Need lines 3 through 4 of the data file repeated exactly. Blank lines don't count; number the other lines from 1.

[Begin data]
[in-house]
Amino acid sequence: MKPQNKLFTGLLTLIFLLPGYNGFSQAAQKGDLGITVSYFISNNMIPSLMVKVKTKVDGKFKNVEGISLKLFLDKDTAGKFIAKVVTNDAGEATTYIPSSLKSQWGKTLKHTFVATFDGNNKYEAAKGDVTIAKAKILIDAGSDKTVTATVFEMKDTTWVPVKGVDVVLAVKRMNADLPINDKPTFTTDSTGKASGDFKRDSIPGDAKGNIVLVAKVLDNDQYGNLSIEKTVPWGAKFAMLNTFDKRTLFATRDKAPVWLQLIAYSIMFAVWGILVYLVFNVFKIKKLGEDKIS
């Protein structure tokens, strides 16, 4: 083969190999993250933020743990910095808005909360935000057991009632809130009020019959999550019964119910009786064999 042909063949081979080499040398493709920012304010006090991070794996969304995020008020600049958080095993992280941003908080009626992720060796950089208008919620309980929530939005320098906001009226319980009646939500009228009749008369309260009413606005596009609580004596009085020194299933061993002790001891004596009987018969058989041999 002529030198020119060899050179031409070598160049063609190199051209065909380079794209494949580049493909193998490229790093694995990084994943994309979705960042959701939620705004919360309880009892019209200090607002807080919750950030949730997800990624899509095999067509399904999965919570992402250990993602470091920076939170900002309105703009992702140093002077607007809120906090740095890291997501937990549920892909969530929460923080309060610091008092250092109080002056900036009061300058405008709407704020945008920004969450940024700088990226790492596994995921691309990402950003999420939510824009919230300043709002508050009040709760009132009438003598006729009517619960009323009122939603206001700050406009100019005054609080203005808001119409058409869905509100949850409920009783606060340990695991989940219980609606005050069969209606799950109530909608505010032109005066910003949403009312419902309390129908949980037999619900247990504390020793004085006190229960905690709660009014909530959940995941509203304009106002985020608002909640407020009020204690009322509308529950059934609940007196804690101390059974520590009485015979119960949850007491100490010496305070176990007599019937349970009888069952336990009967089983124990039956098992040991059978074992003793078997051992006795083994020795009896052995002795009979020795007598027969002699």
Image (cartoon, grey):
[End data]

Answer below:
């Protein structure tokens, strides 16, 4: 083969190999993250933020743990910095808005909360935000057991009632809130009020019959999550019964119910009786064999 042909063949081979080499040398493709920012304010006090991070794996969304995020008020600049958080095993992280941003908080009626992720060796950089208008919620309980929530939005320098906001009226319980009646939500009228009749008369309260009413606005596009609580004596009085020194299933061993002790001891004596009987018969058989041999 002529030198020119060899050179031409070598160049063609190199051209065909380079794209494949580049493909193998490229790093694995990084994943994309979705960042959701939620705004919360309880009892019209200090607002807080919750950030949730997800990624899509095999067509399904999965919570992402250990993602470091920076939170900002309105703009992702140093002077607007809120906090740095890291997501937990549920892909969530929460923080309060610091008092250092109080002056900036009061300058405008709407704020945008920004969450940024700088990226790492596994995921691309990402950003999420939510824009919230300043709002508050009040709760009132009438003598006729009517619960009323009122939603206001700050406009100019005054609080203005808001119409058409869905509100949850409920009783606060340990695991989940219980609606005050069969209606799950109530909608505010032109005066910003949403009312419902309390129908949980037999619900247990504390020793004085006190229960905690709660009014909530959940995941509203304009106002985020608002909640407020009020204690009322509308529950059934609940007196804690101390059974520590009485015979119960949850007491100490010496305070176990007599019937349970009888069952336990009967089983124990039956098992040991059978074992003793078997051992006795083994020795009896052995002795009979020795007598027969002699």
Image (cartoon, grey):